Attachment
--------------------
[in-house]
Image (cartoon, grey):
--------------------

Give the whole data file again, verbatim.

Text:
[in-house]
Image (cartoon, grey):